Blogs Car Info Our Show Deals Mechanics Files Vehicle Donation

No insulation in my roof---hot head!

My 2001 Subaru Outback sedan seems to have lost its’ insulation in the roof as my head feels like it’s baking whenever the weather is hot and the temperature up there is at least 10 degrees above the rest of the interior. I asked my mechanic about it and he suggested the (awful) possibility that mice have gotten in there and made off with my insulation, a problem he had no idea how to solve, but which he has seen once before. I can see how this might have happened as I did have a mouse nest in my blower motor last Fall.

The only solution I can think of is to tape a space blanket or some other kind of insulating material to my headliner. I don’t care what it looks like as I plan to drive it until the wheels fall off and I don’t want to go through the hassle of removing/replacing the headliner.

Any great ideas out there??



Moretown, Vermont

I’m having trouble conceptualizing how mice could eat the insulation without it being very noticable. It’s not like your car has an attic-- the insulation is glued to the roof and the headliner is glued to it. I’m also not entirely sure if the insulation would make that much of a difference temperature wise, since it’s mostly there for sound deadening. I’ve driven plenty of cars with just bare metal roofs and have never noticed the roof being particularly warm.

Have you washed your car lately? A wash and a nice shiny coat of wax might reflect more sunlight and cool things down. Or, alternatively, is it possible that your A/C just isn’t working as efficiently as it used to?

The odds of mice eating anything in the headliner is pretty far-fetched. The odds of the A/C system on a 10 year old Subaru not performing as well as it once did are much greater.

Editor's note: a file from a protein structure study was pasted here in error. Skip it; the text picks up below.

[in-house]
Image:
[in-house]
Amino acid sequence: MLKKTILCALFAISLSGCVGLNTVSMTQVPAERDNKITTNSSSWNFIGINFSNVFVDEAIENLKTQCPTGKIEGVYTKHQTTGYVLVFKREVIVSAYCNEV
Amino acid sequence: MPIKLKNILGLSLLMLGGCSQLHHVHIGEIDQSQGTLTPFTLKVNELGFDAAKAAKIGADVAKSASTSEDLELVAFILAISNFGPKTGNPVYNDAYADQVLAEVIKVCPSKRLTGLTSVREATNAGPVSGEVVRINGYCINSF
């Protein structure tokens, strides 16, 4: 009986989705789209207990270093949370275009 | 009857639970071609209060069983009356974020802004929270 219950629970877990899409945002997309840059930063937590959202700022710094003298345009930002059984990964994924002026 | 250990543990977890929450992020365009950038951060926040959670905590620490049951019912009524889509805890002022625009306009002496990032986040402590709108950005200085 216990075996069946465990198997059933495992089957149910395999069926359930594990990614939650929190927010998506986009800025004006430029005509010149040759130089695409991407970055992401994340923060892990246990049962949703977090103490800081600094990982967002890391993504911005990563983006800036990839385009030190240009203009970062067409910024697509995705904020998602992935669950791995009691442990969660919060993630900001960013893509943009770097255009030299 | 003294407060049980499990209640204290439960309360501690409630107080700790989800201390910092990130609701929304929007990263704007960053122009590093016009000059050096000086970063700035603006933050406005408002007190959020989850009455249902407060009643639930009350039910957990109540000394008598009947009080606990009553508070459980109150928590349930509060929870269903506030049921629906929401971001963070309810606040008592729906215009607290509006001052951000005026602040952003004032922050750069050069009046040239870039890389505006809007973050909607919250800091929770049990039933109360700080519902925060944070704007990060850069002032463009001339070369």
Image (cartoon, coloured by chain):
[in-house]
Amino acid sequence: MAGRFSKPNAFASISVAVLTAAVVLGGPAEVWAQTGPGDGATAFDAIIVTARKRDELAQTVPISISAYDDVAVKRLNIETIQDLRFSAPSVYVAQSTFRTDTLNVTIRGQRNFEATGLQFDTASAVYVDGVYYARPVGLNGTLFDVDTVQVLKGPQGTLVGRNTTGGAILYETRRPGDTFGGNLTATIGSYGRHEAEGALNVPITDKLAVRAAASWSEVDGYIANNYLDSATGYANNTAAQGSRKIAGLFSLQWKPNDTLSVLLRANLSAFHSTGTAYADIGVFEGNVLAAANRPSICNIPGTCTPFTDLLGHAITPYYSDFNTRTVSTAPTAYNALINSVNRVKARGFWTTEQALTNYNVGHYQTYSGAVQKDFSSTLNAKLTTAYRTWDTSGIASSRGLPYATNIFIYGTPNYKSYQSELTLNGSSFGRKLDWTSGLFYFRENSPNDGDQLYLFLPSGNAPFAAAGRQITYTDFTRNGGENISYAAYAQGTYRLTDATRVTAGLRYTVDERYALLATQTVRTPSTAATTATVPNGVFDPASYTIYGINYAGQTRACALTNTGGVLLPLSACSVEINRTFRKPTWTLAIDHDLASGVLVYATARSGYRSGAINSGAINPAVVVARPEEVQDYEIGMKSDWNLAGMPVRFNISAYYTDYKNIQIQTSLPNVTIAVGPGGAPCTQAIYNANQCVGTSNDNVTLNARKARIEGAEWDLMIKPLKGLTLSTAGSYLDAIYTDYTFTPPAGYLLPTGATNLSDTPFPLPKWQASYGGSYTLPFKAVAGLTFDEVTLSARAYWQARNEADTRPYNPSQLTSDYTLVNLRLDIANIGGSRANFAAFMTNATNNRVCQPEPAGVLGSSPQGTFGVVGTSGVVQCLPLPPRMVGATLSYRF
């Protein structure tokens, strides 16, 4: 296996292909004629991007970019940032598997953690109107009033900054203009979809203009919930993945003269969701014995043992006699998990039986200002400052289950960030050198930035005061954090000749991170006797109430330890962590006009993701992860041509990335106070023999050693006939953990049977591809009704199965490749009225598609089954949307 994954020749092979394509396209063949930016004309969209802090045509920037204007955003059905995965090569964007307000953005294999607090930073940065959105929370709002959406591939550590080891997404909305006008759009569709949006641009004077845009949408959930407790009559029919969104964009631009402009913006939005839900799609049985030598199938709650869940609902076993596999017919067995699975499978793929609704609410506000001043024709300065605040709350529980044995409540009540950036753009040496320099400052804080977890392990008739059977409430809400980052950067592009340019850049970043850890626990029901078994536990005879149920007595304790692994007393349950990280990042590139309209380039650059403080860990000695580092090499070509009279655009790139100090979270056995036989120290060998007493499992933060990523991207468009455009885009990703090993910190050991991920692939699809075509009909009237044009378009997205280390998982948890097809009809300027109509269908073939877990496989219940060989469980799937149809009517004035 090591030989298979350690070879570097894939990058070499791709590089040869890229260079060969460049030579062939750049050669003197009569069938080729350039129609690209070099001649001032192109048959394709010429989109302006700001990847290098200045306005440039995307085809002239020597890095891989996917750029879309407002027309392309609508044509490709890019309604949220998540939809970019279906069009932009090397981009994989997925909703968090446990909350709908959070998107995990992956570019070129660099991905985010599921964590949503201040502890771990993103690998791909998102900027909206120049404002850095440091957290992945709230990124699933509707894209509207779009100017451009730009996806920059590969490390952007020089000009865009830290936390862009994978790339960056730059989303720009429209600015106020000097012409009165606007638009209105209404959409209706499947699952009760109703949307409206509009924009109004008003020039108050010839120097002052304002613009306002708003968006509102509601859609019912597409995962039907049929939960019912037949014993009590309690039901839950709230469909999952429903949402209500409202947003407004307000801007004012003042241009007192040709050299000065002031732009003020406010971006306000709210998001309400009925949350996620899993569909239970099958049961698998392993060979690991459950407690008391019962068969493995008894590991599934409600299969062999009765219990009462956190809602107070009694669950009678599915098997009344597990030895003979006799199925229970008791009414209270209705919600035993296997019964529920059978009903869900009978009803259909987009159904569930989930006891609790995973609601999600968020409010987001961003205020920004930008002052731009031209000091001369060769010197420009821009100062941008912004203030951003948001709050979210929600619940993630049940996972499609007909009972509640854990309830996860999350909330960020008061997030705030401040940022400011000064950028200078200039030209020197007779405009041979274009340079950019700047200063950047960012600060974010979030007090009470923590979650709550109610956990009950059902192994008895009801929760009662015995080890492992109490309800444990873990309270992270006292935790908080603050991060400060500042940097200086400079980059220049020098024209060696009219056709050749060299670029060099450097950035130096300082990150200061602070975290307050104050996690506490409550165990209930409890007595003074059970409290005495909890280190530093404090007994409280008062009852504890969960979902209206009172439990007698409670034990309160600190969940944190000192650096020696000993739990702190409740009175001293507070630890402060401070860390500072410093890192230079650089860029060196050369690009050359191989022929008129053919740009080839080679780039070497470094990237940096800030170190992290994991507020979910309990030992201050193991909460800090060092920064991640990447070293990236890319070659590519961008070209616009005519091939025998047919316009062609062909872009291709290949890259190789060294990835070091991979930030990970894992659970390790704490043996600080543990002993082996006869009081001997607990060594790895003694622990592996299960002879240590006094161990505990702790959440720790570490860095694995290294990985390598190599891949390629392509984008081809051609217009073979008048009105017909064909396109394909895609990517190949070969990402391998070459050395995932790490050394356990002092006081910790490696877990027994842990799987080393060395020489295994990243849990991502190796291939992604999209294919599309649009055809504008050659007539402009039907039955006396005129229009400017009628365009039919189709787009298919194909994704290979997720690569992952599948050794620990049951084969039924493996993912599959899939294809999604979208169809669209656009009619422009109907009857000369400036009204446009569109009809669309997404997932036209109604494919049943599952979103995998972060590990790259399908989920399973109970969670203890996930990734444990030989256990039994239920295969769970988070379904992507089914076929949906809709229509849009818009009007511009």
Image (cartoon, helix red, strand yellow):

Stick a small thermometer in one of the dashboard vents the next time you’re traveling on the highway and see what the outlet temperature is at a steady highway speed.
This is not a diagnostic procedure that will tell you that this or that is wrong but it can give you a general indication if the outlet air temp is not cold enough.

I’m inclined to think that mice would have left an aroma that you might have noticed long before the temperature became a concern. So I guess I’m with the others that the rodent theory is unlikely.

I agree that the “mouse scenario” is unlikely, bordering on impossible. As was already said, there is essentially no space between the headliner of the car and the roof. You have a steel roof with insulation bonded to the inside of it, and then you have the headliner which is bonded to the insulation. If the mice ate the insulation, inevitably there would be holes in the headliner. I have to question what the OP’s mechanic is smoking.

As to what is causing the problem (or the illusion of a problem), I believe that it has to be either of two situations:

An A/C that is no longer working properly. Naturally the air near the car’s ceiling will be hotter, as hot air rises. But, if the A/C outlet air temperature is not as cold as it should be, then the temperature differential will be much more obvious.

A medical problem
If the OP has high blood pressure, or if she is experiencing elevated body temperature due to a variety of medical conditions, it is very possible for her to feel like her head is much hotter than the rest of her body. If the A/C outlet temp is normal, I would suggest that she consult a physician for a complete physical exam.

I don’t believe the mouse tale either.
BUT, if the heat is a real issue, removing the headliner to put your space blanket in there, IS the solution.

You have radiant heat from the hot roof metal. What color is your car? A space blanket could help but would be a hassle to install in most cars - headliners being hard to remove. If you can stand it aesthetically, painting the roof white or silver will make a noticeable diff.

When your AC is on, put it on Recirc and direct the air through the dashboard vents and up toward the ceiling. After things get comfy up there, switch to Fresh and direct air where you want it.